Wine Talk

Snooth User: GTSOPRANO

What red to pair with Thai cuisine

Posted by GTSOPRANO, Feb 20, 2010.

I had an incredible meal of a red curried braised lamb shank with Brussels sprouts and root vegetables recently. I've been searching for the perfect red to pair with something like that. The meal had the salt and heat you'd expect in Thai cooking, but the heft and umami calling out for a nice red. Any thoughts?


Reply by napagirl68, Feb 20, 2010.

Hmm... others with more knowledge will chime in, but the lamb curry makes me think of a nice Syrah, although I am not sure how a syrah would do with the brussel sprouts... curious to see what others say...

Reply by dmcker, Feb 20, 2010.

I think the syrah's pepper would clash with the Thai chili and other spices. How hot is the curry, and what are the spices in it?

If it's a proper Thai curry, and not a Westernized dish with hints of Thailand in it, why match a red, anyway? Beer is much more like it. If something milder and mediated (highly likely in this case since Thais don't generally cook with lamb), but still with some kick, then perhaps a wine with a sweeter edge might be the answer. Though I'm not a huge consumer of the style, maybe even a well made, mostly dry, Lambrusco?

Reply by GTSOPRANO, Feb 21, 2010.

I did opt for beer, given the restaurants wines...however I'm liking your notion of Lambrusco!

Reply by Cathy Shore, Feb 21, 2010.

When it comes to pairing wine with oriental cooking you need to bear in mind that salt in a dish exaggerates coarse tannins in reds and that the tannin in wine makes the chilli element in the dish explode on the palate. For that reason, if you really want to pair a red wine with a curry dish then it's best to stick to wines that are high on fruit and low in tannin. I'd look to something from either the Languedoc region of France (more heat, more sweet fruit on the palate, smooth tannins) or Chile/Argentina. Normally I would say that a Syrah from the Rhone would be too austere although we enjoyed a very fruity Gigondas last night with rabbit cooked with lemon grass and coconut milk and beef tongue cooked tandoori style. However, being in France, the dishes were NOT hot so this would probably have worked differently if there was a big chilli element in the dish.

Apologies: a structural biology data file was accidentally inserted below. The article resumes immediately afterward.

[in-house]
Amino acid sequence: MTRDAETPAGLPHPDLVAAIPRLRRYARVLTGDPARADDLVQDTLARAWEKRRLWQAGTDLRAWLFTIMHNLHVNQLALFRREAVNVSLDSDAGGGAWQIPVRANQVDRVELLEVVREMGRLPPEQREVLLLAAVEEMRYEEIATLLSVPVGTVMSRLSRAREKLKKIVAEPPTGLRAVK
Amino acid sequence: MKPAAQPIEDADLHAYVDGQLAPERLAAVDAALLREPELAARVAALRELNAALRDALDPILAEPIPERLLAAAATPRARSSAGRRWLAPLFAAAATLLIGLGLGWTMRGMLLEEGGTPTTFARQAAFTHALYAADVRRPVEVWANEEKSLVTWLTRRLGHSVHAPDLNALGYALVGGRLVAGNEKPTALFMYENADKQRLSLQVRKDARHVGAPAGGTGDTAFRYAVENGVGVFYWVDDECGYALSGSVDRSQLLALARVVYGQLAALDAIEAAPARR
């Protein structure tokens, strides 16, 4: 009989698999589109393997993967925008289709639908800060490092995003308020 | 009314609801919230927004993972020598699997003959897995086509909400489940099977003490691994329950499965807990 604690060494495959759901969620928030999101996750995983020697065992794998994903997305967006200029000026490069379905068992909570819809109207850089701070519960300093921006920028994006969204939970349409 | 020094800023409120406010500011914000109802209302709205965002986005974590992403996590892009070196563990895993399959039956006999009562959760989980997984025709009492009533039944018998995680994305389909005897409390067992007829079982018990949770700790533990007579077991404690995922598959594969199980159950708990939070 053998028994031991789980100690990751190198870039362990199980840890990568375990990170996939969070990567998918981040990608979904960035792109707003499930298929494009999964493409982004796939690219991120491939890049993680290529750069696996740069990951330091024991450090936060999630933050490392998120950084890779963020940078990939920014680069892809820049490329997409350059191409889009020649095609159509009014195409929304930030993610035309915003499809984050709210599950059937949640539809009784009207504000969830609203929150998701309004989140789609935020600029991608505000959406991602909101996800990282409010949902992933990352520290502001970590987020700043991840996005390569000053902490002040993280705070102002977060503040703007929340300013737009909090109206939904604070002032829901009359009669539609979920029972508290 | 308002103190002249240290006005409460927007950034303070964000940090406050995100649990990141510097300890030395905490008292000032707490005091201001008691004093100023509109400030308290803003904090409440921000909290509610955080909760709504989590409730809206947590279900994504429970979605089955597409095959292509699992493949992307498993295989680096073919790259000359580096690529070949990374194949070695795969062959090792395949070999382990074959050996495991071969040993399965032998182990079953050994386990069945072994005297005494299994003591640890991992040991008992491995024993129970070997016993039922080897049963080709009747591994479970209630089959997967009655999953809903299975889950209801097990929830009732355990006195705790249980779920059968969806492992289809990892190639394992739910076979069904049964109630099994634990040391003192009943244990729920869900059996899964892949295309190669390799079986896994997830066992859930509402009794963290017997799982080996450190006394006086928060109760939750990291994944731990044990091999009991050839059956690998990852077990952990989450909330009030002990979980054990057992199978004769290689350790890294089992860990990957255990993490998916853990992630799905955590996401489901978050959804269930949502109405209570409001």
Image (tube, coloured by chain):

Reply by amour, Feb 22, 2010.

I would have expected Cathy Shore to present a VACQUERAYS.......
if only because there are some vintages of VACQUERAYS that are much more
fruit-forward than others.

The 2007 Mas du Bouquet Vacquerays ( available in USA)
may be a good idea.

Or even the racy PERRIN LES CHRISTINS VACQUERAYS 2005 or 2006.....
from PERRIN & FILS, of course. It is rich in texture.

Just an idea.

Thank you.

Reply by Cathy Shore, Feb 23, 2010.

The Gigondas that we drank was Le Mas des Flauzières Gigondas 2005 La Grande Reserve - we paid 28 Euros in the restaurant we were eating but I found it online for 12 Euros direct from the producer which makes it pretty good value in my book. It had wonderful sweet fruit on the nose with hints of chocolate, spice, coffee and leather. On the palate, soft tannins did not overwhelm the fruit which stayed until the end. Of course I'm sure that the 2005 vintage has something to do with it!. I don't know if it's widely available though.

Reply by mmrmaid, Feb 23, 2010.

i totally agree with amour on this one...or how about a grenache?

Reply by dirkwdeyoung, Feb 23, 2010.

I have found Reds to be a bit too heavy to match with exotic foods and I really love curry, chinese, Thai and all that. Believe it or not, if you must, I suggest Chateauneuf du Pape. First of all just about everybody under the sun likes it, it has got a lot of interesting fruit, etc. It will be dry enough to cut some of the fat, which is found in a curried lamb and robust enough to fight the bitterness in the sprouts and root veggies.

But for this dish personnaly I would go with a fun, cheap white like Cotes de Gascogne, or my all around flexible wine a nice, on the dry side crisp and chilled Rose.

Reply by Charles Emilio, Feb 25, 2010.

I've never had a problem pairing my two favourite whites with Thai food.

Marsanne & Riesling.

Reply by zufrieden, Feb 27, 2010.

Beer - period - unless you have some prior experience with a particular red that seemed to work in the past (I have no particular one to offer). If you must have a red, I would choose a rustic, powerful but modestly priced Italian Vino de Tavola of some reasonable provenance. There is no point sacrificing anything remotely like finesse when combinining wine with spice.

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